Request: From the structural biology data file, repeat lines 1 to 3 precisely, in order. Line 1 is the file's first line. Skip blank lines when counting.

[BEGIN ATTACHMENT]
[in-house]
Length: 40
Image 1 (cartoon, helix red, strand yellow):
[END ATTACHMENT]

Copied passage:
[in-house]
Length: 40
Image 1 (cartoon, helix red, strand yellow):